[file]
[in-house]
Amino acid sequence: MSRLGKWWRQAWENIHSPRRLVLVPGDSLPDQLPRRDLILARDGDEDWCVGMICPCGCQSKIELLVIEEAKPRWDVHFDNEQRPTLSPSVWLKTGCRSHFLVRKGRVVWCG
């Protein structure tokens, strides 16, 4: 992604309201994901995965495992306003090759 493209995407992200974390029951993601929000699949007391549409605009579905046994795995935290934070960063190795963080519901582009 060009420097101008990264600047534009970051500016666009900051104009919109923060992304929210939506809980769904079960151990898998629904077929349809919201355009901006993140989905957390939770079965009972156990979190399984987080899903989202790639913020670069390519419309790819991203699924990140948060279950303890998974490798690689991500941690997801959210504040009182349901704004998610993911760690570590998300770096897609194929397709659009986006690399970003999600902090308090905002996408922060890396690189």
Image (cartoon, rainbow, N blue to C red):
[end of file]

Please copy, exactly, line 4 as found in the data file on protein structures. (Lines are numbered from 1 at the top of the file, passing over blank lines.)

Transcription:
Image (cartoon, rainbow, N blue to C red):